KENTUCKY RIFLE signed "A. A." Abraham Angstadt $6500
Kutztown, Berks County Pennsylvania
This fullstock Kentucky rifle in tiger maple has an old pleasing red cast to its vintage surface. It measures 57 1/4 inches long with a .40 cal 42 inch full octagon barrel signed "A A" on the top flat. It has brass fittings and dates circa 1800-1812. The Kutztown School of riflemakers are considered works of folk art because of the many examples with folky decoration adorning these rifles. This rifle has three "folky" decorations: 1) a very pleasing but naive engraved brass eagle inlay on the cheekpiece (see pics) 2) two liberty caps dot-engraved on either side of the rear sight (see pics) and 3) an apparent screaming or flaming man engraved on the end of the patchbox lid (see pics). I am sure this human characature has its roots deep in Germanic or Gnostic folk lore. This screaming man reminds me of Edvard Munch's 20th century painting "The Scream". The full tiger maple stock is neatly incise carved behind and forward of the cheekpiece, and around the barrel tang, The stock also has pairs of beauty lines running up both sides of the forestock as well as pairs of incised beauty lines running on either side of the lower butt stock line. The four piece brass patchbox is quite extensively engraved with "C" and "S" scrolls, geometric patterns as well as a long and lazy "S" scroll on the patchbox lid ending in a human characature (with the two patchbox lid rivets for the catch serving as the figure's two eyes). There are two brass inlays, the previously mentioned eagle and a shield shaped vacant escutcheon behind the barrel tang carving.
Note: Abraham was probably a son of Adam(I) Angstadt or Adams' son Joseph. Adam(I) was also the father of the Kentucky rifle maker Peter Angstadt. Noted Kentucky rifle expert, Bruce Moyer (who is also a member of the Angstadt family) has done extensive research on the Angstadts and has stated that "All Kentucky rifles signed either 'A.A.' or 'A. Angstadt' are the work of Abraham not Adam". Abraham was not known until Bruce researched the Angstadts and discovered Abraham and his interesting history. Although it is not known for sure who Abraham's father was, Abraham was working at the gunworks of "Adam Angstadt & Son" alongside Adam, Joseph, and Jacob (son of Adam's other gunsmith son Peter) in the 1805-1812 period. It is probable that Abraham is the son of Adam but that is an educated guess. When it came time for Abraham to train, rather than apprentice to his probable father Adam or uncles Peter or Joseph Angstadt, he was sent to Reading to apprentice with one of the master gunsmiths there. This is why the patchboxes on Abraham's early rifles and even some later rifles have strong Reading influence. You can see the Reading influence on this rifle's patchbox.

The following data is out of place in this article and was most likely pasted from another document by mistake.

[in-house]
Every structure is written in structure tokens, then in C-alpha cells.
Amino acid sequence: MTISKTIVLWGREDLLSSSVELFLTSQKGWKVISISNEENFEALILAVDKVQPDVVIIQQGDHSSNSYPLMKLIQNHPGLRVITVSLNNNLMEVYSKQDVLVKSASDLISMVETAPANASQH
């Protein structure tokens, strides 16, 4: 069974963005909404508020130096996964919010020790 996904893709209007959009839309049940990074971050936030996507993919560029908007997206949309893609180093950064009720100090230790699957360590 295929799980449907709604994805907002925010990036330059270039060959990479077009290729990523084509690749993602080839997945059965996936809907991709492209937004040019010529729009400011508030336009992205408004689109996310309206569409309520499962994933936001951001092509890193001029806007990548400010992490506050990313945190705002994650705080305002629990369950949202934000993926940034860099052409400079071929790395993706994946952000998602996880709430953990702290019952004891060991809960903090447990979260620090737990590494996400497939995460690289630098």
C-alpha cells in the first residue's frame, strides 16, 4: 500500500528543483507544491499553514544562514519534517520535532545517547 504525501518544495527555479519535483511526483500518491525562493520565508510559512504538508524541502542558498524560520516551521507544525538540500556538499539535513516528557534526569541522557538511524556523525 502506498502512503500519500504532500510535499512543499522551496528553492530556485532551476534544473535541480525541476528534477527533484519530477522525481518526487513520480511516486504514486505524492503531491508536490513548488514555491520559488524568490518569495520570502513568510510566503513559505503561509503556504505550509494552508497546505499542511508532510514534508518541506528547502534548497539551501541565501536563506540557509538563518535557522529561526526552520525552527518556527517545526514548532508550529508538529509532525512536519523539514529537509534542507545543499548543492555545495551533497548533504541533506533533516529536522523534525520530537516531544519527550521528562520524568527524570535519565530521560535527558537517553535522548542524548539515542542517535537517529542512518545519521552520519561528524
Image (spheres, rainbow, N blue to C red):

Condition: Good to Very Good for its age and use. The original flintlock has been poorly reconverted with the frizzen being loose and not engaging the frizzen spring. There is some wood missing just below the tail of the lock to facilitate the trigger sear (see pics). The forward lock cross bolt is present but stripped. There is evidence of splintering at the forestock which has been repaired. There is a sliver ( 1 1/2" x 1/4") of wood replaced in front of the lock where there was percussion erosion and there is a 1/4" x 14" sliver restored on the reverse side from the nose cap back 14".